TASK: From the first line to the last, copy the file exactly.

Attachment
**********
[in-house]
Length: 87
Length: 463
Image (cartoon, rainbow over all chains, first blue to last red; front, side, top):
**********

[in-house]
Length: 87
Length: 463
Image (cartoon, rainbow over all chains, first blue to last red; front, side, top):